"Congratulations to DCR on completing this terrific link in our Charles River parklands," said Cambridge Mayor Henrietta Davis. "This project is another example of our state's commitment to green transportation and increasing opportunities to explore the city by walking and biking."

"I really appreciate the Patrick administration's leadership on this project," said Sen. William Brownsberger. "This bridge solves a connection problem for pedestrians. If we want to encourage people to get out of their cars and walk or bike, we need to keep focusing on exactly this kind of problem."

"This bridge will allow for residents as well as visitors to Cambridge and Charlestown to enjoy greater access and connectivity to two beautiful open spaces in their communities," said Sen. Sal DiDomenico.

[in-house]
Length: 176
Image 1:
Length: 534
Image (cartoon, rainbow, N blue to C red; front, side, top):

"The North Point Park is a largely undiscovered gem -- a beautiful park on the water in the easternmost part of Cambridge," said Rep. Timothy J. Toomey. "I'm very excited about the ways that the North Bank Bridge will unlock parkland and recreational opportunities to more local residents."

"The North Bank Bridge unlocks beautiful riverfront parks for easy use by local residents and visitors alike. With this connection, pedestrians and cyclists will have miles of uninterrupted paths, encouraging exercise and facilitating easier commutes on foot or by bike," said Rep. Martha M. Walz, whose district includes parts of Boston and Cambridge along the Charles River.

"We at DCR are committed to providing and maintaining quality recreational spaces to the public," said DCR Commissioner Edward M. Lambert Jr. "With the help of our partners, we're thrilled to unveil the park's new paths, bikeways and playgrounds we hope families, friends, residents and visitors will enjoy for years to come."

Since taking office in 2007, the Patrick-Murray Administration has made a historic $230 million investment in land conservation, leading to the permanent protection of more than 95,000 acres and the creation or renovation of 150 urban parks.